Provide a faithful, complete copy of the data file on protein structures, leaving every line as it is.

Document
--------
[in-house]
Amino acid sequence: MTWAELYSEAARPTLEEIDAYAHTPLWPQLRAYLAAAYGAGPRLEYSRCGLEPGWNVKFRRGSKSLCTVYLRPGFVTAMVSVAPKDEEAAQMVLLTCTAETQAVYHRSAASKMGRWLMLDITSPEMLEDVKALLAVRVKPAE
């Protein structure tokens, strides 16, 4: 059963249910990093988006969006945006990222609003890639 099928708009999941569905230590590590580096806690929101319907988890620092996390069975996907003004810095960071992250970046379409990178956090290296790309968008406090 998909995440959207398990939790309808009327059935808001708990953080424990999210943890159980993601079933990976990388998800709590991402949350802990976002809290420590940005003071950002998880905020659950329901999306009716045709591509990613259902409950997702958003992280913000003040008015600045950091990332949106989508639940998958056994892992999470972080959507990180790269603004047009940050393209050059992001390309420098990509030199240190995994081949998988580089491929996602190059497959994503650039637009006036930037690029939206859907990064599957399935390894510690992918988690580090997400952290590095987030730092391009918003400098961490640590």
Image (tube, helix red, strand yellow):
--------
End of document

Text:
[in-house]
Amino acid sequence: MTWAELYSEAARPTLEEIDAYAHTPLWPQLRAYLAAAYGAGPRLEYSRCGLEPGWNVKFRRGSKSLCTVYLRPGFVTAMVSVAPKDEEAAQMVLLTCTAETQAVYHRSAASKMGRWLMLDITSPEMLEDVKALLAVRVKPAE
């Protein structure tokens, strides 16, 4: 059963249910990093988006969006945006990222609003890639 099928708009999941569905230590590590580096806690929101319907988890620092996390069975996907003004810095960071992250970046379409990178956090290296790309968008406090 998909995440959207398990939790309808009327059935808001708990953080424990999210943890159980993601079933990976990388998800709590991402949350802990976002809290420590940005003071950002998880905020659950329901999306009716045709591509990613259902409950997702958003992280913000003040008015600045950091990332949106989508639940998958056994892992999470972080959507990180790269603004047009940050393209050059992001390309420098990509030199240190995994081949998988580089491929996602190059497959994503650039637009006036930037690029939206859907990064599957399935390894510690992918988690580090997400952290590095987030730092391009918003400098961490640590």
Image (tube, helix red, strand yellow):